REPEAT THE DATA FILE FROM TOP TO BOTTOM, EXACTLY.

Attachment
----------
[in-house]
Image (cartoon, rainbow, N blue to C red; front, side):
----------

[in-house]
Image (cartoon, rainbow, N blue to C red; front, side):